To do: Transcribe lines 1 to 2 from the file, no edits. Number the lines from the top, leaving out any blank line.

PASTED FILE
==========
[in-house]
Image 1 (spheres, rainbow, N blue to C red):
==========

[in-house]
Image 1 (spheres, rainbow, N blue to C red):